A comprehensive pre-hire collective bargaining agreement. That means basic terms and conditions for labor are established in advance for everyone involved in the project: the public sector employer, contractors and subcontractors, and the labor force.
Under a PLA, contractors make exact bids. Costs are established for labor. Those costs include wages and benefits including health insurance, and workers' compensation. No surprises!
None. A typical PLA includes no-strike, no lock-out agreements. And for additional headache relief, a PLA includes procedures for settling - quickly - any problems or disputes that might develop during the project.
Your budget is safe with a PLA. There are no hidden costs and no cost overruns. You won't be confronted with unexpected wage demands or disputes halfway through the project. One more headache eliminated.
No! Public works PLAs never restrict bidding solely to union contractors. A PLA is available to any contractor who will accept its terms. It's the contractor's decision.
No again. Public-owner PLAs do not exclude nonunion labor.
You like headaches? Lower wages can cause problems further down the line. Lower wages mean lower productivity and higher accident rates. Both lead to cost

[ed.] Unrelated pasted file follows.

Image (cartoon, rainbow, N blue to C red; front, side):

overruns. Lower wages also mean you're going to see all kinds of hidden costs popping out - good headache material. There are no hidden costs with a PLA. Everything is settled before construction begins, right up front for the life of the project... including any wage increases.
No fancy footwork here. Most PLAs are drafted by project or construction managers retained by the public entity.
The union has input like all other parties to a PLA. It does not lead or dominate the proceedings.
Very legal. In a major 1993 decision (the Boston Harbor case), the United States Supreme Court ruled in favor of public sector PLAs, affirming that private and public owners can decide for themselves when a construction project should utilize a PLA.
PLAs have been used for more than 60 years. They have an impressive record.
For starters: the Grand Coulee Dam; the Shasta Dam; the Cape Kennedy Space Center; the Oak Ridge, Tenn., nuclear research facility; O'Hare Airport; Boston Harbor clean up; Detroit's Cobo Hall; Logan Airport's remodeling; a Veterans Administration Medical Center, Tenn.; and Los Angeles' LRT (Light Rapid Transit) system. Those are some of the big names, but PLAs are used routinely in hundreds of smaller construction projects at state, county, and municipal levels. Every project, big or small, had enormous headache potential (by the way, how is your headache?) but in each case, a PLA administered in advance eased the pain.
Not at all. Corporations, large and small have managed their construction projects with PLAs...corporations like General Motors, British Petroleum, Walt Disney and Toyota.